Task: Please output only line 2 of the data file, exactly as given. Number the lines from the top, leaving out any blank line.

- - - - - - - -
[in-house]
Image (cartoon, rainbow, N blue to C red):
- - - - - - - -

Image (cartoon, rainbow, N blue to C red):